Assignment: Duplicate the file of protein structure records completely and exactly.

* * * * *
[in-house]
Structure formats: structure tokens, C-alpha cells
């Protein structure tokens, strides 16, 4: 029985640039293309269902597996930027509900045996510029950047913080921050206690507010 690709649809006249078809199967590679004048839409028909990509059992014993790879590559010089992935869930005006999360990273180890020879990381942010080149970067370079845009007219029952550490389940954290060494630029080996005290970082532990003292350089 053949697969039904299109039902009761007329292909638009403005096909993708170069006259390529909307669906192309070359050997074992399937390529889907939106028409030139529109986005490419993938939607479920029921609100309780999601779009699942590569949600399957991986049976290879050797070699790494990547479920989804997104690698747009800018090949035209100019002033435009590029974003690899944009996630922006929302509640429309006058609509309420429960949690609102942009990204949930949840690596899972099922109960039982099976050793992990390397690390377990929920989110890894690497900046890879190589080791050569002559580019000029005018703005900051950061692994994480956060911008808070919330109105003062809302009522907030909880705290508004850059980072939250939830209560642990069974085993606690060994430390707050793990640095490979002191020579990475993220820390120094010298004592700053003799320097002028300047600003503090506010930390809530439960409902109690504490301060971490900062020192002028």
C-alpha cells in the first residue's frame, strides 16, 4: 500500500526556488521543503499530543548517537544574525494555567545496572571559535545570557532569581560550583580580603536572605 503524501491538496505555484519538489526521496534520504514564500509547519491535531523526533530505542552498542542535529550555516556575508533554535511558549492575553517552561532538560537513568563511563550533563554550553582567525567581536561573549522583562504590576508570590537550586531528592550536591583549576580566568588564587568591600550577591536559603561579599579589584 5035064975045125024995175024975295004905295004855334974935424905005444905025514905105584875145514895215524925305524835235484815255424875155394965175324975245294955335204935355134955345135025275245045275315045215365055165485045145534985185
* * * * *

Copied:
[in-house]
Structure formats: structure tokens, C-alpha cells
């Protein structure tokens, strides 16, 4: 029985640039293309269902597996930027509900045996510029950047913080921050206690507010 690709649809006249078809199967590679004048839409028909990509059992014993790879590559010089992935869930005006999360990273180890020879990381942010080149970067370079845009007219029952550490389940954290060494630029080996005290970082532990003292350089 053949697969039904299109039902009761007329292909638009403005096909993708170069006259390529909307669906192309070359050997074992399937390529889907939106028409030139529109986005490419993938939607479920029921609100309780999601779009699942590569949600399957991986049976290879050797070699790494990547479920989804997104690698747009800018090949035209100019002033435009590029974003690899944009996630922006929302509640429309006058609509309420429960949690609102942009990204949930949840690596899972099922109960039982099976050793992990390397690390377990929920989110890894690497900046890879190589080791050569002559580019000029005018703005900051950061692994994480956060911008808070919330109105003062809302009522907030909880705290508004850059980072939250939830209560642990069974085993606690060994430390707050793990640095490979002191020579990475993220820390120094010298004592700053003799320097002028300047600003503090506010930390809530439960409902109690504490301060971490900062020192002028």
C-alpha cells in the first residue's frame, strides 16, 4: 500500500526556488521543503499530543548517537544574525494555567545496572571559535545570557532569581560550583580580603536572605 503524501491538496505555484519538489526521496534520504514564500509547519491535531523526533530505542552498542542535529550555516556575508533554535511558549492575553517552561532538560537513568563511563550533563554550553582567525567581536561573549522583562504590576508570590537550586531528592550536591583549576580566568588564587568591600550577591536559603561579599579589584 5035064975045125024995175024975295004905295004855334974935424905005444905025514905105584875145514895215524925305524835235484815255424875155394965175324975245294955335204935355134955345135025275245045275315045215365055165485045145534985185